Log Into a World of Education

This article originally appeared at deafprofessional.net

Maybe you’re on the road for your job, at a hotel that looks just like the last seven hotels you stayed at. Or maybe you have two young children and a full-time job. You want to earn a degree, but simply don’t have the time or energy to go to classes, having to watch an interpreter for three hours, and then take care of your family and/or job. You sigh as you see your education slipping away.

Online education may just be the answer. Taking courses over the Internet has been making its way to the forefront of education, and is proving popular with nontraditional students. A March 5 article in the Minneapolis Star Tribune reports that more than 2.3 million people took at least one online college course in 2004. The article also notes that Congress recently passed an act that no longer requires colleges to provide at least half of their classes at a physical campus to qualify for federal student financial aid, which comes as a relief to many working people who may also be paying for their children’s educations.

“The online students of today consist primarily of working people who are trying to better their opportunities,” writes Illinois Online Network. “The traditional school will never go away, but the virtual classroom is a significant player in today’s educational community.” Take, for example, Gallaudet University. “We offer an average of 13 online courses per semester,” says Earl Parks, e-Learning Manager, “but with an increasing number of courses that begin on campus for one week during the summer and then completed online in subsequent time periods.” Most of Gallaudet’s online courses focus on deaf-related topics such as Deaf Literature, or interpreting topics, although there are other courses such as certification courses.

“Just recently at a board of trustees meeting, the board approved the creation of a new graduate field, a master’s program in international development,” Parks said. “What is so remarkable is that the first year of this program has all of its courses online, which is a major step forward in online education.” Gallaudet’s online students vary from undergraduate students on campus in Washington, D.C. to professional students from everywhere in the world.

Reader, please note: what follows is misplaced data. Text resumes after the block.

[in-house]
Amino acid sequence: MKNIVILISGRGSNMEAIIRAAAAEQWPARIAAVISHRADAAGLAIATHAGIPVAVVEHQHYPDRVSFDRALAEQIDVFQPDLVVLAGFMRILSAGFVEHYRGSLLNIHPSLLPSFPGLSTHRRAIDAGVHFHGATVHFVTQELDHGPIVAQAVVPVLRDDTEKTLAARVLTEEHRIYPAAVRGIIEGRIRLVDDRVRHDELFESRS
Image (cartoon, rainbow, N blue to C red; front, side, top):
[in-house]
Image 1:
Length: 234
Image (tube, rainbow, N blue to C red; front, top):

The biggest benefit to taking courses online is the convenience. National Association of the Deaf and Gallaudet University Alumni Association president Andy Lange earned his master’s degree in organizational management from the University of Phoenix in 1995. An accredited university with 300,000 students, University of Phoenix offers courses both online and at local campuses throughout the nation. “When I worked at AT&T, they suggested that I take a course, and I took several online. I was traveling approximately 85% of the time, so this was a terrific solution to my needs. Having to earn a master’s degree at a nearby college would have been impossible.”

Convenience was also a plus for Kat Brockway-Aiple of Bowie, Md., although she was initially skeptical. After finding that the University of Phoenix was an accredited university and that her vocational rehabilitation services would cover the costs, she earned a bachelor’s degree in business management in February. “I wanted to finish up my long-time goal of earning a degree at my own pace, and I thought this was a good way to do it while working full-time and caring for my two daughters. That way I wouldn’t be stressed out by having to drive to classes, working with interpreters, and going at a faster pace.”

Another reason cited for taking online classes is barrier-free communication access. “Online classes give me a level of equality that I wouldn’t probably experience in a hearing class because of the interpreters and lag in communication,” says Jesse Bailey, athletic director at the New Mexico School for the Deaf in Santa Fe who is pursuing his license in administration. “You see, we don’t and never will receive full communication access even when we use interpreters. Oftentimes, interpreters may miss some words or details while hearing classmates receive direct communication from the teacher. But online, I’m directly communicating with them in one language. So it puts me on a far more equal, if not whole, level with them.”